A mountain bike helped me make quick work of the first mile of “trail”, which was in actuality an old road bed. Once it narrowed to single-track I stashed the bike and continued on with my pack to the faint junction where an unmaintained trail led to the lake. As expected, and based on cross-referencing the number of cars in the parking lot with the number of hikers I saw on the main trail, I had the lake all to myself. Since the afternoon was increasingly breezy, I chose a more sheltered spot than I had on my previous midsummer visit. The larches around the lake glowed with an almost iridescent yellow and patches of snow on the shaded slopes beneath the crags above the lake provided a stunning white contrast to the autumnal ambience of the rest of the landscape.
I spent most of the afternoon soaking up the scenery and taking short jaunts to various points of interest around the lake to admire things from a slightly different perspective. The wind would occasionally gust with enough strength to tear the needles off the larch trees, which would then drift onto the lake and end up pushed against the shore. It was fascinating to see fall unfolding, albeit on a small scale, at that lake that afternoon and to think about it occurring all along the Bitterroots and other mountain ranges.
Knowing that the lake would likely be iced up within a week or two, I dedicated an hour to casting flies with my tenkara setup atop its surface to try to lure the selective, but sizable, trout that I knew lurked below its surface onto my line. There were almost no fish rising and a single strike was the only luck I had all evening. Numerous fly changes and technique alterations had no impact. I’d have to end my high country lake fishing season with a zero. Despite not catching anything, I did witness one of the most amazing – and taunting – jumps of a fish I’d ever seen while working my way around the lake. One of the larger trout I’ve seen jumped out of the water, almost like an alpine dolphin (in form, not size), then went on its way. Which, like all the other fish in the lake, was apparently far away from where I was casting.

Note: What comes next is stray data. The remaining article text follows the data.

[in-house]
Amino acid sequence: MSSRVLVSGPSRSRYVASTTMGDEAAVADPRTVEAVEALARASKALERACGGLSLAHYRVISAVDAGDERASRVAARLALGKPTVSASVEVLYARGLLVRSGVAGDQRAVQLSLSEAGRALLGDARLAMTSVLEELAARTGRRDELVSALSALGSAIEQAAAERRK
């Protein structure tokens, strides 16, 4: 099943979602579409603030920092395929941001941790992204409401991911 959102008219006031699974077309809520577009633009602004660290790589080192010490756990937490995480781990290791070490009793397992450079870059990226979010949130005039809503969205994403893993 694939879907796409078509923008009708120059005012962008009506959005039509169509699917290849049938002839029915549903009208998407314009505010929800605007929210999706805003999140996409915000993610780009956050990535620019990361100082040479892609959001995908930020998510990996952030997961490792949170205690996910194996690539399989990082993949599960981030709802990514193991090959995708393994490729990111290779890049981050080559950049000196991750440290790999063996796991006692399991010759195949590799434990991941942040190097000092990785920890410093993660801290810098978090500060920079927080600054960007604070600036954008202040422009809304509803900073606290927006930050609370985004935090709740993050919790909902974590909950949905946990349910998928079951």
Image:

After admitting defeat and putting on my down jacket to stave off the evening’s chill, I watched the stars come out as I ate dinner. Despite the celestial entertainment, as soon as I finished my post-pasta hot chocolate the warmth of my sleeping bag was calling to me. Between the cool temperatures and the steady wind, it was not an ideal combination for stargazing. The night was even more windy than the afternoon and despite being in a fairly sheltered campsite some of the gusts were strong enough to wake me up. Fortunately, the morning was much less breezy and I was able to sip a cup of coffee in peace while enjoying the morning rays of sun on the lake and the larches.
Although my trip didn’t necessarily end my high country backpacking season on a high note, it certainly gave me plenty of inspiration to return next year and beauty to look forward to. I suppose it isn’t really even the “end” of my high country backpacking, but rather just a seasonal intermission. And I’ve always found that when it comes to the mountains the intermission is worth the wait for when things resume.